Yet another reason to expect continued sanctions is that DOJ’s line attorneys are, as a rule, tough-minded prosecutors who believe firmly in enforcement and wouldn’t take kindly to instructions to go easy on businesses, according to Solow.
“The U.S. Attorney’s office and DOJ are filled with lawyers who could do any number of things in their careers,” Solow said. “They have elected, often at personal financial cost, to pursue a career in government.”
“When I was there, Republicans and Democrats all believed in the rule of law, and criminal enforcement was strong no matter who was in charge,” Rubin told Bloomberg BNA.
John Cruden, the acting assistant attorney general under Obama, predicted before Trump won the election that the Yates memo would live on.
“It will stay in effect,” Cruden said. “It will not change at all. I’m 100 percent confident it will bridge any new administration.”
But Rena Steinzor, a law professor at the University of Maryland, resisted those arguments, saying “it’s naive not to think there are going to be changes.”
“The expectations are moving to the right,” she said. “The environment for these cases is much larger than three offices at the DOJ.”
For example, the judges Trump appoints “are likely to be business-friendly and government-suspicious,” Steinzor said.
Hostile judges could suppress such cases, as they have under previous Republican presidents, she said. For example, President Ronald Reagan was “very hostile” to the idea of white collar criminal prosecutions, according to Steinzor.
One possible sign of the Trump administration’s stance on white-collar crime came on March 8, when Attorney General Jeff Sessions issued a memo directing the 94 U.S. Attorney’s offices to prioritize violent crime cases.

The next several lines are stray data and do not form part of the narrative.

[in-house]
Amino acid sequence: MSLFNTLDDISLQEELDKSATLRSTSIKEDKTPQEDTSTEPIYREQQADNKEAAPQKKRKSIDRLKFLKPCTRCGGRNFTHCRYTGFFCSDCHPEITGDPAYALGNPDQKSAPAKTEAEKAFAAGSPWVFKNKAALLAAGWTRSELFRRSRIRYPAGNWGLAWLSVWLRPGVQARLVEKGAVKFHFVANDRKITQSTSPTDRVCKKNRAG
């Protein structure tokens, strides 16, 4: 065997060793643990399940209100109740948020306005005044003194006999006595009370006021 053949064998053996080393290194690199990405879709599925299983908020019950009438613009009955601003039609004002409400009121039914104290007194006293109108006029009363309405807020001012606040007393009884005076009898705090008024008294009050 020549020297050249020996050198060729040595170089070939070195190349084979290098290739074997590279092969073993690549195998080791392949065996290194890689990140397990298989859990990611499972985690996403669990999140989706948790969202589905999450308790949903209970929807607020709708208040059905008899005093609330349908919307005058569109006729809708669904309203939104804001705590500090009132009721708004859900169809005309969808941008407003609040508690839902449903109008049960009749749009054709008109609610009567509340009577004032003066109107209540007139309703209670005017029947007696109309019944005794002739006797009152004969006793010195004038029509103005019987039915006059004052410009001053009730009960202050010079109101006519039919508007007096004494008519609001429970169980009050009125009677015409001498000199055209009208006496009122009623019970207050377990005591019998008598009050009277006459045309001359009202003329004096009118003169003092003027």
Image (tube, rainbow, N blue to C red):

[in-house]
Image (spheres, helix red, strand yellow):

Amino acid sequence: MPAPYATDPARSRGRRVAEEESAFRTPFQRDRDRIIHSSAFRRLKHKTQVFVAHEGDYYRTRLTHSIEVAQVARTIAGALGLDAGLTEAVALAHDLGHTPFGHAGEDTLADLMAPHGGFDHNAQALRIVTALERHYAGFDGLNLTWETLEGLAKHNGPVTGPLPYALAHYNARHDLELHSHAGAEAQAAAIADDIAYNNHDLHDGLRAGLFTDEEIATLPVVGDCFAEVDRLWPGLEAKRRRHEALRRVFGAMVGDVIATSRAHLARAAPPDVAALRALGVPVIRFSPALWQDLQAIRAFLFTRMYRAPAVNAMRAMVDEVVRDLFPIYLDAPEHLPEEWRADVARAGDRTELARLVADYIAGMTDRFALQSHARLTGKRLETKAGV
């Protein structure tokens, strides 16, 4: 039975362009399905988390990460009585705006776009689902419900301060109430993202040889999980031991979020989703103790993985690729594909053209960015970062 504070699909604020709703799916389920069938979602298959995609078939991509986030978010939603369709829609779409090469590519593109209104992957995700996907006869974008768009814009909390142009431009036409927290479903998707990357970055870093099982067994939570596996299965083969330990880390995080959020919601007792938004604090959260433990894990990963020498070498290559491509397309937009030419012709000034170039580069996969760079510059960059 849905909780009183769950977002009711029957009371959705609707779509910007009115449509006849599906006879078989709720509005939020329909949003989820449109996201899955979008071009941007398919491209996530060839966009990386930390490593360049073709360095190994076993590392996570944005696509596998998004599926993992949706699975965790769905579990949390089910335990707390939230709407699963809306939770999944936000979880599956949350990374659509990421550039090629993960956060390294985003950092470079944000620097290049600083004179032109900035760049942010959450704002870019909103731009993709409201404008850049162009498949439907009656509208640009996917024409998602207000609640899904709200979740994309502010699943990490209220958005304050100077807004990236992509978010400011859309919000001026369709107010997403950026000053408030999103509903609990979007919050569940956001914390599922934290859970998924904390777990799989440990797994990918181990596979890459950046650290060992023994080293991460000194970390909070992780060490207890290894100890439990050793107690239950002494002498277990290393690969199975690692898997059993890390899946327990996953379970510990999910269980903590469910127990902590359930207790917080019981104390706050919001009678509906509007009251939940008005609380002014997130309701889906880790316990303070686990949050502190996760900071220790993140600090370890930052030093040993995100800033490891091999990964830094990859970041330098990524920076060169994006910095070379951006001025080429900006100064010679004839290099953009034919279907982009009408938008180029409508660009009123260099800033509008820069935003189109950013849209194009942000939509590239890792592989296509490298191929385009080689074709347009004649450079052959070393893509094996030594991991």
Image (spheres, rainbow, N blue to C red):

“Dumping the Yates memo would be quite problematic politically, but trying to compel everyone to chase a new shiny ball on a field already occupied by other players is a good way to distract attention and get what you want without embarrassment,” Steinzor said.
She also said Trump is such an outlier that DOJ’s longstanding norms and culture can’t be expected to apply.
“When you have a president who’s accusing his predecessor of wiretapping him without any evidence, I think all bets are off, and we should admit that,” Steinzor said.
Budget cuts at the Environmental Protection Agency could also dry up the pipeline of cases that are sent to Justice, said Garrett, who wrote a book on the topic titled “Too Big to Jail: How Prosecutors Compromise With Corporations.”
Trump’s budget blueprint, offered March 16, would slash EPA funding by nearly a third. The White House Office of Management and Budget said some environmental enforcement programs could be affected, and that the administration plans to concentrate on “enforcement of environmental protection violations on programs that are not delegated to states.”
Rubin went a step further, saying the EPA civil and criminal enforcement program would be cut “dramatically,” which would “have a severe impact on the ability of DOJ to bring cases. The enforcement has to suffer because the pie gets smaller. There are fewer agents, they develop fewer cases. It’s not even a matter of political will. Cutting it will produce less; it’s just math.”